o Psyllium husk

o Wholegrains

o Fruits and vegetables!

- Reduce sugar

- Reduce exposure to exogenous oestrogens

o Xenoestrogens – BPA and phthalates in plastics, pesticides, heavy metals in fertilisers

o Phytoestrogens – Soy products

o Medications – Oral contraceptive pill (OCP), hormone replacement therapy (HRT)

- Reduce or eliminate alcohol and caffeine, as both substances promote enterohepatic recycling of oestrogen

o Your liver will prioritise detoxifying and clearing alcohol and caffeine out of your body before your own oestrogen

Both alcohol and caffeine have been shown to increase period pain, so although they are not the underlying cause of your pain, they will be exacerbating it. Take a break from these substances at least two days either side of your period. Read more about how caffeine affects your period here.


2. Low progesterone

The hormone progesterone is only created once ovulation has occurred. A small amount is created by our adrenal glands (mostly post-menopause), and the placenta in pregnancy, but as we are discussing period pain here, we will focus on optimal progesterone levels throughout the menstruating years.

Progesterone has anti-inflammatory effect, and during the luteal phase of the cycle it affects the regulation and synthesis of prostaglandins, that in turn will directly affect levels of period pain experienced.

If your progesterone levels do not peak in the luteal phase of your cycle, this indicates an anovulatory cycle – meaning ovulation has not occurred, or corpus luteum inadequacy. If your progesterone levels rise in the luteal phase but only slightly, you will most likely experience symptoms of low progesterone. These include:

- Mood changes, low mood

- Feelings of anxiety or irritability

- Disturbed sleep

- Decreased libido

- Bloating

- Fluid retention

- A short luteal phase


When a woman has low progesterone, the ratio of progesterone to oestrogen will also be unbalanced, which unfortunately can lead to both low progesterone and oestrogen excess symptoms. If this is the case, you must support your adrenal, ovarian, nervous system, and liver health. Focus on both of the treatment options in both points 1 and 2 of this blog.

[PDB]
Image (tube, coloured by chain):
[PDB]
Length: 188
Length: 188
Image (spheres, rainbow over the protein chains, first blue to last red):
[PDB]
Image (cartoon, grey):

How do you know if you have low progesterone?

If you identify with the above symptoms, low progesterone is worth investigating. I recommend testing serum progesterone 7 days before your period. Classically, people recommend testing on day 21 of your cycle, but this is only relevant if you have a 28 day cycle. For different cycle lengths, you need to calculate by subtracting 7 days from your period.

For example:

- For a 35 day cycle, test progesterone on day 28

- For a 21 day cycle, test on day 14

- For an irregular cycle, I recommend basing the day of testing on your previous 3 cycles, estimating what 7 days before your period might look like. Your practitioner will be able to interpret your progesterone results once they know when your period arrived, after you completed the test

What to do if this is you:

- Take the progesterone stimulating herb Vitex:

o Vitex not only modulates progesterone, but it may also indirectly lead to an elevation in mood as progesterone is our natural ‘anti-depressant’ hormone

- Consider herbal hormonal modulators:

o Peony

o Wild yam

o Black cohosh

o Tribulus terrestris to stimulate ovulation

- Increase your consumption of zinc as it is critical for hormone production:

o Top food sources are oysters, seafood, red meat, liver, eggs, pumpkin seeds

o Supplement with 30 - 50mg daily after food

- Supplement with B6 to support healthy ovulation

- Test prolactin:

o Prolactin and progesterone have a antagonist relationship

o I recommend testing on day 2 of your cycle

- Stress reduction is a key part of treatment – it must be prioritised daily. Read my blog for more information on stress

3. Prostaglandin imbalances

Prostaglandins are a family of complex ‘hormone-like’ substances found in the body that are involved in the regulation of inflammatory processes in our bodies. There are many different types of prostaglandins, some are anti-inflammatory whilst others are pro-inflammatory. Therefore it is imbalances in the families of prostaglandins that contribute to period pain, and not simply the existence of the prostaglandins themselves.

Prostaglandins cause narrowing of the blood vessels that supply blood to our uterus and abnormal contractile activity of the uterus wall. Both of these events lead to decreased blood flow and oxygen to our reproductive organs, as well as increased sensitivity of the nerve endings. This is why higher levels of prostaglandins are associated with more severe menstrual cramps, and why anti-inflammatory medications such as Nurofen or Naprogesic works so well as they inhibit prostaglandin synthetase enzymes necessary for prostaglandin synthesis.